MySQL in WordPress 3.9 – Implications for Plugin Authors

If you’re a plugin developer and you have a plugin using any of the php mysql functions directly, then you might start to see breakage in WordPress 3.9.

See, the php mysql extension is very old. As of PHP 5.5, it’s also deprecated and will very likely not be receiving further updates.

So starting in WordPress 3.9, if PHP 5.5 is being used, the built in WPDB class will switch to using the mysqli extension instead.

What this means for your plugin is that if you’re using any mysql_* functions directly, and somebody tries to use your plugin on a WordPress 3.9 + PHP 5.5 system, then all your database code will no longer work properly. Since the mysql functions are no longer being used in such a case by WordPress, then there is no longer an implicit database connection available to these function calls.

Instead of using a direct database connection, you can switch to using the global $wpdb instance of the WPDB class to access the database. @pento gives a great rundown on what functions to use as drop-in replacements on this make/core post: https://make.wordpress.org/core/2014/04/07/mysql-in-wordpress-3-9/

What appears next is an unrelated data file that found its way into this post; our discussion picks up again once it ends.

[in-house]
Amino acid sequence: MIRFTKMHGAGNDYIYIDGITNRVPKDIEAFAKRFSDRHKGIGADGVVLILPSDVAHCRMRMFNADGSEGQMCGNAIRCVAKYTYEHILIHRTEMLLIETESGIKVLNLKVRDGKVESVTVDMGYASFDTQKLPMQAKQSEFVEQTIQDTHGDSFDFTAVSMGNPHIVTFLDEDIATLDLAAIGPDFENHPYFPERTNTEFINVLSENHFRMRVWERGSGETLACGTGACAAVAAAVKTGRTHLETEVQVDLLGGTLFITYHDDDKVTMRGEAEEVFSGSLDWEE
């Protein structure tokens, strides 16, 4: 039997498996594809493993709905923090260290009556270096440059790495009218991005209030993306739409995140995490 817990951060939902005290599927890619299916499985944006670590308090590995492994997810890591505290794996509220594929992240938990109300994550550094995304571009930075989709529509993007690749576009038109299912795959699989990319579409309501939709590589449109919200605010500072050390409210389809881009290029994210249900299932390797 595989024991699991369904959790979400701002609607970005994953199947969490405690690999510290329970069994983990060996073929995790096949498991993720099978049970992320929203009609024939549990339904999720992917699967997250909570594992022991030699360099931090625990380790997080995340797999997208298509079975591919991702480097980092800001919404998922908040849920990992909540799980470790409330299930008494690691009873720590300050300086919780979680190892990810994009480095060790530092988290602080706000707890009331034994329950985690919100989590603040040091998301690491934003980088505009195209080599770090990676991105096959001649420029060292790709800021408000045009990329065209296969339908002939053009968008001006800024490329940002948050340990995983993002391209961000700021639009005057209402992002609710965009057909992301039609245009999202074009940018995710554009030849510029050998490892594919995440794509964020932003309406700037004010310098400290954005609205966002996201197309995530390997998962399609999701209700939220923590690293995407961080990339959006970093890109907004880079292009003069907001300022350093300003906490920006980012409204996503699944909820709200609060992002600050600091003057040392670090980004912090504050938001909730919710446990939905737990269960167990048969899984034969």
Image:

Now, as this is currently limited to PHP 5.5 and up only, the amount of breakage will likely be very minor. Our stats currently show that PHP 5.5 is being used on less than 1% of installations. Nevertheless, hosts are starting to upgrade PHP versions more and more frequently. This number is thus expected to grow over the next year or two. So before your users start having broken sites, please, take the time to switch your plugins over to the WPDB based methods. This will ensure future compatibility and minimal breakage.

WordPress will always maintain backward compatibility in its own functions, so using them ensures that you’ll be good for the forseeable future, no matter what database methods are being used internally.

#php